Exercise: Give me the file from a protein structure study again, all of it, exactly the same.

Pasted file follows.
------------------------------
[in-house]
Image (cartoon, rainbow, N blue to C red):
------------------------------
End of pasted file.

[in-house]
Image (cartoon, rainbow, N blue to C red):